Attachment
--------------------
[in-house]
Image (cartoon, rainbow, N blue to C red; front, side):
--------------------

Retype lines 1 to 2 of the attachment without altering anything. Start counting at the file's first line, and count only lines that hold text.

[in-house]
Image (cartoon, rainbow, N blue to C red; front, side):